The streets are filled with protestors led by the Movement for Black Lives, and their calls for police de-funding, the abolition of the prison-industrial complex, and abolition of the principles of white supremacy in many other institutions and disciplines are spreading like wildfire, empowering people to act in different ways and directions in their immediate surroundings, in their workplaces and in their organizations. I’d suggest that this situation as a whole should be viewed not only as the result of actions, but also of inaction – in other words, of the potentialities opened up when, due to the pandemic, so many people have found themselves unconstrained by their ordinary positions of productivity.
Over the last few weeks, we’ve been experiencing something close to a general strike, perhaps the closest we or any of our generation have come to know. This is a radical moment, and at this point in time we should think about the picket line, and act to create it in different areas of activities. Such is the Hippocratic oath for architects not to build prisons, or the Tamara Lanier lawsuit to free the daguerreotype of Renty Taylor, her ancestor (seized from him when he was enslaved) from Harvard University and the Peabody Museum, or the call to stop circulate images of sexual violence against the bodies of their ancestors issued by Cases Rebelles, or the calls to stop circulating the video of the assassination of George Floyd, after millions were already on the streets and their voices demanding in uncompromising way accountability and police abolition had already become the placeholder for evidence that should no longer be posted. Photography though, is not about the world in which people go on strike, photography ought to continue to draw its picket line.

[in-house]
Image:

Photographic abolitionist imaginary cannot start or end with photographs of people on the streets. Rather than saying that public demonstrations are the ultimate manifestation of the body politic, we need to remind ourselves that the body politic is always there (even though many of its members are not be recognized as part of it) and it always manifests itself in different ways, many of them distinct from public protest. When its members are not taking to the streets together, the body politic manifests itself through its policed patterns of power relations. In line with the institutionally regulated forms and formations, members of the body politic affirm themselves in the positions that they are socialized – or coerced – into inhabiting, separated and classified along race, gender and/or class dividing lines, or through what I have called elsewhere the resolution of the suspect, or into the figure of the unmarked Man, the ultimate bearer of rights under the regime of white supremacy. Even in “ordinary” times, the streets are always filled with people, but their presence is marshaled into prescribed, familiar flows and arrangements. The variety of their assigned positions, constrained by clear rules of mobility and immobility, ensures that the relentless movement of extraction – which simultaneously yields accumulation and dispossession, production and consumption – will not allow this differential body politic to get out of control. It is this relentless movement of racialized capital that the pandemic has, to an extent, brought to a halt. Just to be clear – I want to stress here that a stop has not been put to racism itself, but rather to much of the production and consumption with which it is intertwined. In this space that was open, activities may not resume in the same way to serve the racialized capital.